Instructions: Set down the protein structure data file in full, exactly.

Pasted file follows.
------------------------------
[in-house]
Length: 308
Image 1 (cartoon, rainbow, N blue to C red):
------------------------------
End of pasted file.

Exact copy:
[in-house]
Length: 308
Image 1 (cartoon, rainbow, N blue to C red):